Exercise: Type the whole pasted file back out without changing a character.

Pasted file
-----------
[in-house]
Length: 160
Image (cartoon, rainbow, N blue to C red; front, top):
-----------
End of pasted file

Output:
[in-house]
Length: 160
Image (cartoon, rainbow, N blue to C red; front, top):